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HomeCyberSecurityD-Link tells customers to sunset actively exploited storage devices

D-Link tells customers to sunset actively exploited storage devices

Dive Brief:

  • Attackers are scanning and actively exploiting a command injection and hardcoded credential backdoor vulnerability in D-Link network area storage devices, researchers at Shadowserver said Monday in a post on X, the site formerly known as Twitter. 
  • There is no patch available for CVE-2024-3273, nor is one coming. D-Link advised owners of the four affected products to retire and replace the devices as they have reached end of life and are no longer supported, the company said in an April 4 security announcement. 
  • “D-Link strongly recommends that this product be retired and cautions that any further use of this product may be a risk to devices connected to it,” D-Link said. 

Dive Insight:

Network devices are common targets for financially-motivated and nation-state linked attackers. Vulnerabilities in devices sold by Citrix, Ivanti and Barracuda were widely exploited during the last year.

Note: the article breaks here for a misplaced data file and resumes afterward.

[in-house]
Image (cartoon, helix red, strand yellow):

Boeing and Comcast were both impacted by attacks linked to exploits of the Citrix vulnerability, dubbed CitrixBleed, and a pair of systems operated by the Cybersecurity and Infrastructure Security Agency were compromised by an attack linked to widely exploited vulnerabilities in Ivanti remote access VPNs.

While the Ivanti, Citrix and Barracuda devices are still currently supported by their vendors, the D-Link products impacted by the active exploits are out of service and ineligible for firmware updates. It’s unclear how many enterprises use the impacted D-Link NAS devices, but the Taiwan-based vendor has marketed its NAS gear to small- and medium-sized businesses.

More than 92,000 vulnerable D-Link NAS devices were publicly exposed on March 26 when the researcher that discovered the vulnerability, “Netsecfish,” shared their findings with D-Link and disclosed the vulnerability.

“This exploitation could lead to arbitrary command execution on the affected D-Link NAS devices, granting attackers potential access to sensitive information, system configuration alteration, or denial of service, by specifying a command,” the research said in GitHub post.

Exploit code and proof of concept details for the vulnerabilities, which affect D-Link devices DNS-340L, DNS-320L, DNS-327L and DNS-325, are publicly available, according to Shadowserver.

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